When it comes to managing workload effectively, all the available tools can be tempting! But while technology can help us, it can also exacerbate the problem. It’s not about using every tool out there—it’s about finding the right combination of tools to make your life easier, to streamline your process instead of adding red tape.
Here are some things to consider when you’re checking out those new, shiny tools.
Embrace Tools When They Enhance Your Process
Of course, tools like Videa’s platform help you streamline your media-buying process and can be integrated with partner tools. But consider looking beyond your advertising-specific tools and taking general work flow into account. Sometimes a simple visualization is all you need to see things in a new way.
Mindmap tools like Mindmeister or Bubbles can be extraordinarily helpful in organizing information based on the way your brain perceives it rather than forcing an abstract thought process into a more rigid tool.
The key is to avoid forcing tools that you aren’t genuinely excited about into your process—if you don’t love them, you won’t use them! You’ll also want to be sure anything you invest in will integrate seamlessly into what you’re already doing, to avoid technology and process bloat.
Only Add Tools When You Can Take Something Else Away
Balance the addition of every new tool by taking something else away. You can even look for tools that will help you take other processes away. For example, consider Slack or another messaging tool. If you can get your team on board, this messaging app can streamline and increase transparency for communication across groups both large and small, eliminating the need for additional emails or other project management tools.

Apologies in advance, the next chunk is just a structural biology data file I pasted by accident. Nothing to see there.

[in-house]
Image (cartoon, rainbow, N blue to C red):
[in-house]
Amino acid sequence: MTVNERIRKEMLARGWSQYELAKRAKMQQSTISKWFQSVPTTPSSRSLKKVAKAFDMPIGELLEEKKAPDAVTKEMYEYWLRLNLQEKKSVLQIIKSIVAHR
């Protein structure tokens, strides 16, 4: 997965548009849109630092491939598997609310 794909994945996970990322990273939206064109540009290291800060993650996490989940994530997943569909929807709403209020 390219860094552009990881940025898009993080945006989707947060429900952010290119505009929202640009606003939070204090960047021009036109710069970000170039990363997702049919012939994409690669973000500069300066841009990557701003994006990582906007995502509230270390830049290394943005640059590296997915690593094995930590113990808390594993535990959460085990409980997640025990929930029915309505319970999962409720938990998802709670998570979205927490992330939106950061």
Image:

You’ll need coworker buy-in, of course, but many find that once you go Slack, you never go back (to email, that is). And if you’re looking for ad-specific tools, there are plenty to choose from. Consider Ad-In-One, Workamajig, or Advantage.
Be Careful When Your IT Folks Aren’t On Board
Make sure you communicate with your support team to get their buy-in whenever you’re considering new tools. No, your IT folks don’t know your processes and needs like you do, but they’re the ones who can provide much-needed help during implementation to make sure the tools you’re bringing on board play nice with the technology you already have in place. They’ll also be your first call when the tools don’t work the way you think they should. If you don’t get their support up front, don’t expect their help later on.
Consider the Needs of Your Team
Finally, get the people you work with every day to take part. Technology typically has the biggest impact when it’s used by more than one person. Talk to your coworkers about their challenges managing workload and integrate their feedback into a plan that will work for many rather than just for you. That’s the best way to ensure its effectiveness and longevity.